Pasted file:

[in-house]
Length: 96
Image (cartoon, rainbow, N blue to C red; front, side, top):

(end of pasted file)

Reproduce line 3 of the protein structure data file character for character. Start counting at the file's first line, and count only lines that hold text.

Image (cartoon, rainbow, N blue to C red; front, side, top):